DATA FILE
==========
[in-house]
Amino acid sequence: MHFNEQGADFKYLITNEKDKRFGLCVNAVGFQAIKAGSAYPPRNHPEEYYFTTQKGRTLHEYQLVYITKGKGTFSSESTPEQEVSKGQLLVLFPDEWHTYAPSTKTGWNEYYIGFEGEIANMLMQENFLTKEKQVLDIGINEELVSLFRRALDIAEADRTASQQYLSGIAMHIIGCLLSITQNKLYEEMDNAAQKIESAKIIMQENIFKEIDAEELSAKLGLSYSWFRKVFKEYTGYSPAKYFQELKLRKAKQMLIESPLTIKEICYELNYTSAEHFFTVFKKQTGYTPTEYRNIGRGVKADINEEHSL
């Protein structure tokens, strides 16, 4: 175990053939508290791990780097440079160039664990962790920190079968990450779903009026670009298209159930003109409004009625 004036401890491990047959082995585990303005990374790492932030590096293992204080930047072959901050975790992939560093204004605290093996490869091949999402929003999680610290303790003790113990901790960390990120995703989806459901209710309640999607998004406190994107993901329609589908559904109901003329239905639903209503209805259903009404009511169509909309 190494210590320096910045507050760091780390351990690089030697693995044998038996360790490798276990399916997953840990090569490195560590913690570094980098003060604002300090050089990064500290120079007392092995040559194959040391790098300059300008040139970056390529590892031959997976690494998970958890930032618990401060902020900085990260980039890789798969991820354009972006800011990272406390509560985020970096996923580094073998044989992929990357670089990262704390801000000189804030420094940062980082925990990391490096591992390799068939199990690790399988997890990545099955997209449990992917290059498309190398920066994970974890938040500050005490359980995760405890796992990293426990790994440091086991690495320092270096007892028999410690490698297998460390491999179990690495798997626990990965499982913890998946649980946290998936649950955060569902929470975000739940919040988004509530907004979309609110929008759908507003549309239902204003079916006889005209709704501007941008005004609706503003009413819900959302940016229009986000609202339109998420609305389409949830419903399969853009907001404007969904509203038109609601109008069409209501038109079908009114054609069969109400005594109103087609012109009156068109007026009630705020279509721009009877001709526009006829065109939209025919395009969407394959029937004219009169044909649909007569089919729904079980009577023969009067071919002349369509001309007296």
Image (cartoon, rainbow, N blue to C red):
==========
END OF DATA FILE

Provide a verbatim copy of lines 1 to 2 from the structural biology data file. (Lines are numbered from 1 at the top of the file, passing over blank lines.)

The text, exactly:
[in-house]
Amino acid sequence: MHFNEQGADFKYLITNEKDKRFGLCVNAVGFQAIKAGSAYPPRNHPEEYYFTTQKGRTLHEYQLVYITKGKGTFSSESTPEQEVSKGQLLVLFPDEWHTYAPSTKTGWNEYYIGFEGEIANMLMQENFLTKEKQVLDIGINEELVSLFRRALDIAEADRTASQQYLSGIAMHIIGCLLSITQNKLYEEMDNAAQKIESAKIIMQENIFKEIDAEELSAKLGLSYSWFRKVFKEYTGYSPAKYFQELKLRKAKQMLIESPLTIKEICYELNYTSAEHFFTVFKKQTGYTPTEYRNIGRGVKADINEEHSL